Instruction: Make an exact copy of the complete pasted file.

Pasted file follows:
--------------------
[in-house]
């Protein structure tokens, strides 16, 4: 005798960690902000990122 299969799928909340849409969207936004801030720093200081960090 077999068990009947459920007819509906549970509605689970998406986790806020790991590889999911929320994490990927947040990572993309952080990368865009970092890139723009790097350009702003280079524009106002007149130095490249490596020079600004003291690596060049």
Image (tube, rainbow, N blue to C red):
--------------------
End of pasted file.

[in-house]
């Protein structure tokens, strides 16, 4: 005798960690902000990122 299969799928909340849409969207936004801030720093200081960090 077999068990009947459920007819509906549970509605689970998406986790806020790991590889999911929320994490990927947040990572993309952080990368865009970092890139723009790097350009702003280079524009106002007149130095490249490596020079600004003291690596060049």
Image (tube, rainbow, N blue to C red):